Arguments common to all toolsΒΆ

All tools which accept CSV as input share a set of common command-line arguments:

-d DELIMITER, --delimiter DELIMITER
                      Delimiting character of the input CSV file.
-t, --tabs            Specify that the input CSV file is delimited with
                      tabs. Overrides "-d".
-q QUOTECHAR, --quotechar QUOTECHAR
                      Character used to quote strings in the input CSV file.
-u {0,1,2,3}, --quoting {0,1,2,3}
                      Quoting style used in the input CSV file. 0 = Quote
                      Minimal, 1 = Quote All, 2 = Quote Non-numeric, 3 =
                      Quote None.
-b, --no-doublequote  Whether or not double quotes are doubled in the input
                      CSV file.
-p ESCAPECHAR, --escapechar ESCAPECHAR
                      Character used to escape the delimiter if --quoting 3
                      ("Quote None") is specified and to escape the
                      QUOTECHAR if --no-doublequote is specified.
-z FIELD_SIZE_LIMIT, --maxfieldsize FIELD_SIZE_LIMIT
                      Maximum length of a single field in the input CSV
                      file.
-e ENCODING, --encoding ENCODING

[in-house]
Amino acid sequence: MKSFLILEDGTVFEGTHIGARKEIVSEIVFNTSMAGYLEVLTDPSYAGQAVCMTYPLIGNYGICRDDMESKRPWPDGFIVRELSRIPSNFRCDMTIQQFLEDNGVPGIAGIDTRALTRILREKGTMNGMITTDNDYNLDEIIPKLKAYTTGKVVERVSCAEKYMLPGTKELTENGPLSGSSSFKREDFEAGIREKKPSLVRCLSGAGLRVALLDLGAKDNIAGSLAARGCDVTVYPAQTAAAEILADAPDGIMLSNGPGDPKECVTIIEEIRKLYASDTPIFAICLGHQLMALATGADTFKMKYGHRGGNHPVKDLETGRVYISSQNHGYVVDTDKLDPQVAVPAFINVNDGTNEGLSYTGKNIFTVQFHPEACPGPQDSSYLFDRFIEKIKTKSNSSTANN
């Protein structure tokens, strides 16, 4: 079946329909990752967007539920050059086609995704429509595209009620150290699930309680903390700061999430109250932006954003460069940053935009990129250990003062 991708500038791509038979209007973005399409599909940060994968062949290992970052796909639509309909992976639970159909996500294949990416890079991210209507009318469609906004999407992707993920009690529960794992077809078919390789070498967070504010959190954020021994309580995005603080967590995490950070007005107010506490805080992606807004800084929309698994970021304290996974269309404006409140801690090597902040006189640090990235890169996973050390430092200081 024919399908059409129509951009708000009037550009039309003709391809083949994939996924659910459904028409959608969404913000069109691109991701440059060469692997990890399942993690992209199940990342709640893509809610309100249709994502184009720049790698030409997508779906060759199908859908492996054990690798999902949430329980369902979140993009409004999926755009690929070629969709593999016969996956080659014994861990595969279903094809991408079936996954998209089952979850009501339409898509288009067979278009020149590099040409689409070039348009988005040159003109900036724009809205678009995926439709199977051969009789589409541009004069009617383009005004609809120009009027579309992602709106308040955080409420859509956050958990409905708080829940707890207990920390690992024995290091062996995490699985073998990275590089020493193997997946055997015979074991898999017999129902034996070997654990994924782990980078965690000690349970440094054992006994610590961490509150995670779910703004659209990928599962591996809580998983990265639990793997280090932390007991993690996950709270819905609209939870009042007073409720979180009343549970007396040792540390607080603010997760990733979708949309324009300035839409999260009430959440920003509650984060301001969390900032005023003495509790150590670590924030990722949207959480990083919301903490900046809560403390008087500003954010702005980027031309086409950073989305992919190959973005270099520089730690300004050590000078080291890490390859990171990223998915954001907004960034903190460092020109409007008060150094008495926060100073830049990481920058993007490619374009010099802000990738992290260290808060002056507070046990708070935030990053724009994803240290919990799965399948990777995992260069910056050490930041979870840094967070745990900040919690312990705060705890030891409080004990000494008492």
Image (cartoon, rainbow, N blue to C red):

Specify the encoding of the input CSV file.
-L LOCALE, --locale LOCALE
                      Specify the locale (en_US) of any formatted numbers.
-S, --skipinitialspace
                      Ignore whitespace immediately following the delimiter.
--date-format DATE_FORMAT
                      Specify a strptime date format string like "%m/%d/%Y".
--datetime-format DATETIME_FORMAT
                      Specify a strptime datetime format string like
                      "%m/%d/%Y %I:%M %p".
-H, --no-header-row   Specify that the input CSV file has no header row.
                      Will create default headers (A,B,C,...).
-L SKIP_LINES, --skip-lines SKIP_LINES
                      Specify the number of initial lines to skip (e.g.
                      comments, copyright notices, empty rows).
-v, --verbose         Print detailed tracebacks when errors occur.
-l, --linenumbers     Insert a column of line numbers at the front of the
                      output. Useful when piping to grep or as a simple
                      primary key.
--zero                When interpreting or displaying column numbers, use
                      zero-based numbering instead of the default 1-based
                      numbering.
-V, --version         Display version information and exit.

These arguments may be used to override csvkit’s default “smart” parsing of CSV files. This is frequently necessary if the input file uses a particularly unusual style of quoting or is an encoding that is not compatible with utf-8. Not every command is supported by every tool, but the majority of them are.

Note that the output of csvkit’s tools is always formatted with “default” formatting options. This means that when executing multiple csvkit commands (either with a pipe or via intermediary files) it is only ever necessary to specify formatting arguments the first time. (And doing so for subsequent commands will likely cause them to fail.)